Peak season started in the Alps and lots of Europeans will go skiing and snowboarding the next couple of weeks (the last week of February will be extremely busy). For most of the tourists it will be the first time they'll go skiing or snowboarding this winter. Most parts of the Alps were still green during Christmas, but now they're covered in snow. But there's less snow than normal. The snow cover in large parts of the Alps is (much) thinner than normal. The combination of a thin snow cover, crowds in the Alps and trends such as ski touring, split boarding and the desire of many skiers to experience authentic adventures in the backcountry could bring some troubles.
The start of the season was exceptionally dry in the Alps. With the exception of early November almost no snow came down in the Alps. The snow that came down early November disappeared on many slopes due to the sun. But the sun wasn't powerful enough to melt the snow on north-facing slopes above 2,200 meters in that period of the year. Therefore, there is a layer with old snow in the snow cover on northern slopes. New snow fell on top of that layer in the beginning of January.
So why is that a problem? Well, the snow in that old layer turned into facets. Those facets have absolutely no cohesion with each other. They're basicly lying around like single snow flakes. If another layer of snow falls on top of this layer with faceted snow, the two layers doesn't bond. So, there's a massive layer of snow on top of a layer with faceted snow, that functions as ball bearings. Put some pressure on it, and chances are that the top layer will break. Add a slope that's steep enough to this lethal cocktail and you trigger an avalanche.
Normally (as in: when there's more snow in the Alps), this old layer isn't much of a problem, simply because it's deeper in the snow cover and there's little chance that you hit that old layer while skiing or snowboarding. But that's different this winter. The pressure of a single skier or snowboarder is enough to trigger an avalanche. Expect for the Italian Piedmont, the snow cover is much thinner than normal in large parts of the Alps. Unfortunately, that weak layer is also present in the Piedmont.
Yes, it is. Avalanches in the Alps already claimed the lives of 31 people this season and at least a third of those fatal accidents happened because of this old layer. We've received reports from Austria, Switzerland and France where avalanches came down last weekend.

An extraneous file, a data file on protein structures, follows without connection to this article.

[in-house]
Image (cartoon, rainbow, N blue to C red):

This layer will remain a problem as long as the snow cover is too thin. So we need much more snow. And because there won't be any precipitation coming down in the Alps the next couple of days, this warning is very useful. We definitely need at least two big dumps.
This old snow layer can be found especially on shaded slopes above the tree line (that's above 1900 to 2200 meters). It's situated deep in the snow cover on north faces, but also on steep east and west faces. Always check the local avalanche forecast, because it'll be mentioned if it's there.
Well you don't. It's hidden deep in the snow cover and is not visible with the naked eye. The snow cover looks nice, but carries a potential danger. Our human brain won't be triggered that there's a danger (simply because it's invisible). You have to dig a snow pit to actually see the old layer of snow.
If you don't have the right knowledge, you shouldn't ski or snowboard off-piste. Simple as that. Even with the right knowledge you should ride very conservative lines the next couple of weeks. Don't ride any steeper than the risk reduction methods tell us. With avalanche danger level 3 (Considerable) you shouldn't ride steeper than 35 degrees and maybe even less steep. Another good thing to do is not to ski off-piste above the treeline. There's plenty of snow below the treeline in lots of regions in the Alps and the problem with the old snow layer is not that significant below the treeline.
So pay attention and keep asking yourself the following questions:
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